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Miscellany & YouTube

Sara

I am quite fond of the funky old Bell Museum of Natural History so I agreed to attend a focus group on the plans for a new and presumably improved replacement. We talked about what we liked about the existing museum and why and watched a presentation on the new building and plans for exhibits and programming. Thanks to David Weinberger, I realized the plans for the new museum would look just like other museums. It will house physical collections of formerly natural things and exhibits designed by experts that teach visitors about the history of natural things. The new Bell will be another example of an organizational scheme of knowledge, in the form of a museum, firmly rooted in the 1st and 2nd Orders of Order.

After reading Weinberger, the very idea of a museum, a physical building, enclosing Natural History, seems rather absurd. “Natural history museum� implies an essentialist definition of nature as though nature is something that can be clearly and neatly distinguished from what it’s not. According to Weinberger, such a distinction is neither natural nor possible. He argues that the development of knowledge in the digital age illustrates that “essentialism is failing in every way:�
• There are no distinct boundaries between things like natural history and what—unnatural history?
• All definitions are culturally and socially determined [Weinberger 220].
Besides, even the most ardent anti-environmentalist would have to admit that humans affect the natural world and vice versa.

Is there a way to radically reconceptualize the Bell Museum consistent with the 3rd Order of miscellanea? Or does the very notion of museum preclude miscellaneazation?

What if the new museum was an open, participatory project? Disowning and releasing the museum’s physical assets to the realm of miscellany might be amusing in the abstract. Imagine visitors adding and subtracting things and inventing impossible combinations of animals and plants. Practically speaking, it would be disastrous. Imagine brittle specimens disintegrating in the hands of children, extinct stuffed animals being sold on the black market … OK, so that won’t work.

But what about structuring the museum around Weinberger’s metabusiness model? Would it be possible to release the Bell Museum’s intellectual assets into the great miscellaneous universe for the public to enhance through mixing, linking, and rethinking? According to Weinberger, this is the key to success in the digital age. He warns that consumers would “… rather have the information, navigation, and experience� on their own terms [Weinberger 228]. Although profit is not the mission of the Bell Museum, education and understanding is. By opening its information bank, the museum would enable the public to convert knowledge into greater understanding.

•

The issue of fragmentation connects Weinberger with discussions about YouTube. Weinberger asks whether knowledge is being fragmented and if we are being fragmented along with it [Weinberger 200]. The author of “YouTube vs. boob tube� would answer yes. Garfield argues that YouTube will be profitable and address a social problem because it unites people in an otherwise splintering society. “What it has going for it is its sheer size. In a fragmented world, there is a need for community and a need for massness [Garfield 2006].�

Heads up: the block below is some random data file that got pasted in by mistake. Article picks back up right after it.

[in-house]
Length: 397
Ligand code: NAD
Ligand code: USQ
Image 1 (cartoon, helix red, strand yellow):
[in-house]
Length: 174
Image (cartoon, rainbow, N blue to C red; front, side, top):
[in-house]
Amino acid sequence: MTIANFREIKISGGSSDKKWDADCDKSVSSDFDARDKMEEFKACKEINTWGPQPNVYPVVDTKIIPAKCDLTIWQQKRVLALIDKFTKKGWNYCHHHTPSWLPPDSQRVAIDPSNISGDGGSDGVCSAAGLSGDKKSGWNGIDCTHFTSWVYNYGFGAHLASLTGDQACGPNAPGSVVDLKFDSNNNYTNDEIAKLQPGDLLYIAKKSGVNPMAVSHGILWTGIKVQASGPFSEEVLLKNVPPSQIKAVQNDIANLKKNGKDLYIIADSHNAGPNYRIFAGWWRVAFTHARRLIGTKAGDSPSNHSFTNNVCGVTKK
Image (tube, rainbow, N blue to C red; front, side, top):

The observations of Michael Wesch support Garfied’s theory. Wesch, an assistant professor of anthropology at Kansas State University, created an audiovisual illustration and explanation of the power of Web 2.0 technologies that achieved stardom on YouTube. One of the benefits of making the video, Wesch claims, was that "My video created great connections for myself and the university [Joly 2007].� Given the enormous audience of YouTube, videos like Wesch’s are becoming a popular and successful recruiting and marketing tool for colleges and universities [Joly 2007].

Working for the marketing department of a university, I can attest to the popularity of video among higher education institutions. The demand for promotional and informational video has grown so rapidly in the last few years that our production staff can no longer meet the demand. A recent trend is to produce a video in place of a printed viewbook and distribute it on a Flash drive.

The value of video as a marketing tool seems clear. Is tYouTube as valuable as an educational tool? As Garfield points out, content on YouTube is out of control [Garfield 2006]. That makes it a risky environment for advertisers and educational institutions alike. On the other hand, YouTube is a rich experimental environment and an excellent object of study in itself. Given the importance of video in marketing campaigns, producing a video, posting it and acculturating oneself to the environment of YouTube translates into valuable job experience.

I think YouTube is valuable to educational institutions and everyone else because it is public. It provides an accessible publishing platform for voices that the profit-motive and conventions of conservative institutions typically stifle. On YouTube, we can all absorb, share and compare ideas normally restricted to the fringe with those squarely planted in the center.

Here’s one of my YouTube favorites and a good illustration of what happens when unusual pairs of ideas occur: Medieval Monastery Book Helpdesk

References

Weinberger, David. Everything Is Miscellaneous: The Power of the New Digital Disorder. Times Books, 2007.

Garfield, Bob. “YouTube vs. boob tube.� Wired.com. December 2006.
http://www.wired.com/wired/archive/14.12/youtube.html?pg=4&topic=youtube&topic_set=

Joly, Karine. “Lights, Camera, YouTube, Action!� UniversityBusiness.com. August 2007. http://www.universitybusiness.com/viewarticle.aspx?articleid=848&p=2#0